When the Anglo-Dutch siege took place in 1704 the head of the Old Mole was defended by a small fort which was later considerably enlarged by the British engineers. It is here that the Torre de San Leandro is supposed to have existed but this appears to correspond to a misinterpretation.

“Gibraltar from the anchorage in front of the Old Mole” - Small fort at the end of the Mole as rebuilt by the British   (1830s - Richard Batty)  

Fortifying the Old Mole was absolutely necessary in order to avoid a similar disaster to that experienced in 1607 by the Galleys of Juan Álvarez when he was attacked by the taller ships of Admiral Heemskerk. 

The lack of any artillery support from the land resulted in a big advantage to ships designed to navigate the Atlantic that were easily capable of defeating smaller Mediterranean ships dependent on a combination of sailing and rowing. Both admirals lost their lives in this combat. Antonelli made mention of this confrontation suggesting that an armed old mole would have proved of great advantage in this particular conflict.

Ottoman Galleys overwintering in Toulon - Admiral Álvaro de Bazán would have used the relative shelter of the breakwater in the north of Gibraltar to do likewise with his fleet  (Late 15th century - Matrakçı Nasuh)

The fortifications at the end of the Old Mole have been named as the Torre de San Leandro. It was supposed to have been blown up during the 1704 attack by the Angle-Dutch attack. It is, however, by no means certain that this is correct. Ayala mistakes it for the Torre de Tuerto which blew up during the engagement when a group of English Marines landed nearby and killed many of them. Vallés suggests that it was destroyed by enemy artillery. It has also been identified as “Fort Leandro” and as part of the Baluarte de San Pablo.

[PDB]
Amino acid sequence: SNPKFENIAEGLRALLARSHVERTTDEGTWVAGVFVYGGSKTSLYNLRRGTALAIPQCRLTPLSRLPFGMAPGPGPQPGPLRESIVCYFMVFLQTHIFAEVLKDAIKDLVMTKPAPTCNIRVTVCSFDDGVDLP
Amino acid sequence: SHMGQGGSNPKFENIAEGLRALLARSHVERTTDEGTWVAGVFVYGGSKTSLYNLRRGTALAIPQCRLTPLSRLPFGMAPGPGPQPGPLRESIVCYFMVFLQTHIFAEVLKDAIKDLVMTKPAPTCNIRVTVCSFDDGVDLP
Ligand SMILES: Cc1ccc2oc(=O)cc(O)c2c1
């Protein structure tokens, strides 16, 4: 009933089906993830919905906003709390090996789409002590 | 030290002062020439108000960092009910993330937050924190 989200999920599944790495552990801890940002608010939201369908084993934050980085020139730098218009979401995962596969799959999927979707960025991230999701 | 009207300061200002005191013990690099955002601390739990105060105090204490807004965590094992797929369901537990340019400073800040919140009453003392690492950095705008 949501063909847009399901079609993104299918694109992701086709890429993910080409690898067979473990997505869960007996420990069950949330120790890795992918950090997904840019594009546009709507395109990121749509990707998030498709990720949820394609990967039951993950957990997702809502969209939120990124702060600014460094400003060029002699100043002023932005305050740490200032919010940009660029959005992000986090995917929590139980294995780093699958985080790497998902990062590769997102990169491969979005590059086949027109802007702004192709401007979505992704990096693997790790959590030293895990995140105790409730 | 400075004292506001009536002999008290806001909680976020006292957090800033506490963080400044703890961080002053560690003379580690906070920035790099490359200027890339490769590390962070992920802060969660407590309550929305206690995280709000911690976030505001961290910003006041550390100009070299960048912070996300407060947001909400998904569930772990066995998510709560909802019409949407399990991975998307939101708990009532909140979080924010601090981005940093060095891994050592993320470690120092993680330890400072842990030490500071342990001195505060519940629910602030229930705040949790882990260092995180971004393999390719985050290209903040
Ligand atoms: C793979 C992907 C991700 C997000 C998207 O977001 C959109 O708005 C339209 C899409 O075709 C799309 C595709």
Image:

All three pictures show Anglo-Dutch troop on their way to invade the isthmus - the explosion shown in all of them at the northern end of the Rock is often said to be that of the destruction of the mysterious San Leandro but in more likely to have occurred either on or near el Baluarte de San Pablo    (Unknown)

Nevertheless it is not mentioned by Bravo de Ayala or in any of the many maps of the Franco-Hispanic sieges of 1704 - 1705 - or of any ruin structures that might fit the bill. The Ceuta historian Correa de Franca an expert in the subject does not mention it at all, nor is it ever referred to by any of the British engineers who continued fortifying the Rock from this date onwards. All of which suggests a confusion between the towers in the new and the old mole and that of San Andres.